Fig. 2.
Fig. 2. Mechanism analysis of spectrum shaping. (a)–(d) Testing diagrams of SiCsPbBr3 hybrid PD (device#1), Si/CsPbBr3 PD (device#2), Si/PAP-CL PD (device#3), and Si/PAP PD with a CsPbBr3 shielding layer (device #4), respectively. (e) Spectral responsivity curves (300–1100 nm) of above four devices. (f) Reflectance spectra of Si and Si/PAP-CL/CsPbBr3 wafers. (g), (h) Ultraviolet photoelectron spectroscopy (UPS) spectra of CsPbBr3 on Si or on PAP-CL with the binding energy secondary-electron cutoffs and HOMO regions. (i) Schematic diagram of the energy band alignment of Si, CsPbBr3, and PEDOT:PSS. (j) The corresponding band bending diagram of device#1, 2, and 3.
Fig. 3.
Fig. 3. Photoresponse characterization of the SiCsPbBr3 hybrid PD. (a) Current-voltage (I–V) curves of the PD illuminated by 660 nm light with different intensity. (b) The corresponding responsivity at these conditions calculated from (a). (c) Photocurrent intensity as a function of light power under 660 nm light. (d) Photocurrent intensity at weak light region and time-domain dark current curve for calculating noise equivalent power (NEP). (e) Analysis of noise-density spectrum corresponding to time-domain dark current in (d). (f) Calculated detectivity (wavelength of 300–1100 nm) of the PD at different frequency. (g) Transient photovoltage curve for calculating response time. (h) Photovoltage intensity at different light modulation frequency for calculating response bandwidth. (i) Normalized photoresponse of the device for 200 cycles. Top curves are the first and last 10 cycles.
Fig. 4.
Fig. 4. Schematic diagram of our hyperspectral imaging system. (a) Experimental devices used in this paper to realize hyperspectral imaging. R/T PD: PD for reflection/transmission mode imaging. (b) Data analysis in our hyperspectral imaging system, where k (k=1N) represents spectral (λ) ordinal and (i, j) represent spatial (x, y) ordinals.
Fig. 5.
Fig. 5. Multispectral imaging results of the Si-PD and SiCsPbBr3 PD proposed in this work when in strong and weak light. Note that the light intensity is measured from the incident light; there also may be differences of the diffuse light reaching the PDs when changing PDs.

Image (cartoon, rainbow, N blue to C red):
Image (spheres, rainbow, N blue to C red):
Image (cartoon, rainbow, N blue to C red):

Fig. 6.
Fig. 6. Reflectance mode hyperspectral imaging for tumor detection. (a) Images of resected tissue at multiple wavelengths. (b) Photographs of tumor-bearing mouse and fresh resected tissue. (c) Calculated reflection spectra from our hyperspectral imaging system. (d) The spectrum measured by conventional spectrophotometer with no spatial resolution.
Fig. 7.
Fig. 7. Transmission mode hyperspectral imaging for tissue identification. (a) Images of myocardium section at multiple wavelengths. (b) Images of liver section at multiple wavelengths. (c) Photographs of the tissue sections. (d) Corresponding transmission spectra measured by conventional spectrophotometer and our hyperspectral imaging system.
Fig. 8.
Fig. 8. The transmittance spectra of FTO, FTO/AgNWs/PEDOT:PSS and FTO/TO/AgNWs/PEDOT:PSS/AgNWs/PEDOT:PSS films.
Fig. 9.
Fig. 9. Scanning electron microscopy (SEM) images of the PEDOT:PSS/AgNWs/ PEDOT:PSS composite films with different concentration of AgNWs ethanol solution.
Fig. 10.
Fig. 10. (a) Spectral response curve of the Si/CsPbBr3 device. (b) Energy band diagram of the Si/CsPbBr3 PD.
Fig. 11.
Fig. 11. Long-term stability of the SiCsPbBr3 hybrid device.
Fig. 12.
Fig. 12. (a) Data cube with bandpass light filter as the imaging object. (b) Transmittivity comparison of calculated values by hyperspectral imaging and measured values by spectrophotometer.
Fig. 13.
Fig. 13. Detail images in the experiment of Fig. 12.

Equations (4)

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R=Iph/Pin=(IlightIdark)/Pin,
D*=AΔfNEP,
D*=RAΔfin,
D*=RAΔf2qId,